Blowing them away: Best Country Song awarded to Carrie Underwood, a beacon of class
BY JENNIFER CHANCELLOR World Scene Writer
Monday, February 11, 2013
2/11/13 at 9:54 AM
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Original Print Headline: Blowing them away
Carrie Underwood fared well at the 55th Grammy Awards - she was the only Oklahoman to win big at Sunday's gala.
"To me, the Grammys equal music," said host LL Cool J, a two-time Grammy winner.
Well, mostly. And pomp.
He also said songs are "dreams come true." Always. Especially on Grammy night.
Carrie Underwood's tune "Blown Away," written by Josh Kear and Chris Tompkins, won the Grammy award for Best Country Song. It also won Best Country Solo Performance.
"I thank the good lord that I am part of such an amazing, supportive family," Underwood said. She thanked her husband, too, before saying "Glory to God!" She kept her speech short, on the verge of tears.
Her humility was offset by the whopper around her neck. Underwood hit the stage in a whopping $31 million (that's no typo) of Johnathon Arndt Diamonds. That's 381 carats of bling. Mind-boggling, really, but no shock to those familiar with the grandiose tradition of country music wardrobe fare, originally made famous (and oh-so-gaudy) by Nudie Cohn and his next-generation designer Manuel. The massive neckpiece was breathtaking and anything but modest.
The solo category set her against fellow Okies Ronnie Dunn and Blake Shelton, as well as Dierks Bentley, Hunter Hayes and Eric Church. A heavy-hitter category, for sure.
Like Underwood's seemingly double-edged modesty, the night is one of off-kilter kudos and back-slapping. Most of the players knew the score before the game began on Sunday, as the majority of awards are announced pre-show. By airtime, newcomer and Oklahoma native John Fullbright had lost the Best Americana Album award to Bonnie Raitt. A Facebook post showed the two together, smiling.
"Hey, it's OK. It's *Bonnie*. Next time, right? ;-)" he wrote. No hard feelings, obviously. He wasn't the only gracious loser. Blake Shelton, Vince Gill & his Time Jumpers band, St. Vincent, Ronnie Dunn ... and Woody Guthrie lost one, and won one. He took home a posthumous prize for Box Set or Special Limited Edition.
A two-time Grammy winner for the night, Taylor Swift's live vocals still grate on me like a runner-up of a high school talent show. Except, you know, she's a totally, like, majorly-super-famous pop star. What she lacks in vocal fortitude she makes up for in showmanship. Her "Alice In Wonderland" opening was otherworldly. It's just that it took a cast of three dozen to carry her. However, Underwood's performance of "Blown Away" was stark in comparison, as a dozen backed her with surprising restraint, Underwood's vocals powerful at center-stage.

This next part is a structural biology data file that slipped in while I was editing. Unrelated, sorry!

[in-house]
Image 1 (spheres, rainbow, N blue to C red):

At the opposite end, Maroon 5 and Alicia Keys performed "This Girl is on Fire," a song the woman's played on every awards show, major sports event and the presidential inauguration, but her energy is infectious, her skill undeniable, her confidence reassuring. ... No clowns swinging from the ceiling or breathless dance moves or hotpants.
Then ricochet back to classless. When Frank Ocean beat Chris Brown for Best Urban Contemporary Album, Brown and his entourage were the only audience members that remained seated. How so many egos fit into one broadcast without spontaneously combusting must be some feat of seat planning, back-stage gerrymandering and creative crowd control.
Oklahoma's Miranda Lambert paired with Dierks Bentley for two songs, "Over You" and "Home." Introduced by 10-time Grammy winner Bonnie Raitt (who took home No. 10 on Sunday), she credited the pair with keeping country current and important.
Lambert, backed by a staggering nine-piece backing band that included timpani drums, doghouse bass, acoustic and electric guitars and steel guitar, the pair did sound remarkably current and old-school at once. She lost her bid for Best Country Album to the Zac Brown Band, and showed her approval as part of a standing ovation for his win.
Kelly Clarkson took the stage with a piano and acoustic guitarist to pay tribute to Oklahoman Patti Page, who won a posthumous Lifetime Achievement Award. Clarkson's "Tennessee Waltz" was bittersweet in its perfection and simplicity. The future daughter-in-law of Oklahoman Reba McEntire stole the show with her truly demure acceptance speech after her win for Best Pop Vocal Album, after getting hung-up in Miranda Lambert's bedazzled dress during a pre-stage hug.
A pleasant surprise of the night was the double Grammy win for garage rocker The Black Keys, underdressed and understated, they gave short-and-sweet thank-yous to their fans. A performance of "Lonely Boy" was raucous with Dr. John and the Preservation Hall Jazz Band from New Orleans - and a standing ovation.
They looked as shocked as the audience did when they took the stage.
Presenter Dave Grohl kissed them as they took the podium.
Pared down but packed with punch, Jack White owned the stage in a Nudie Cohn-inspired peacock feather sequined suit by couture designer Manuel and straight-up, stripped-down rock 'n' roll. With a devil's fiddle and silver-plated doghouse bass.
Oklahoma didn't walk away with the most awards on Sunday, but it did bring class, talent and manners.
Lights are projected onto Carrie Underwood's dress as she performs during the 55th annual Grammy Awards on Sunday. JOHN SHEARER / Invision / AP
Recording artists Miranda Lambert and Dierks Bentley perform at the 55th annual Grammy Awards on Sunday in Los Angeles. JOHN SHEARER / Invision / Associated Press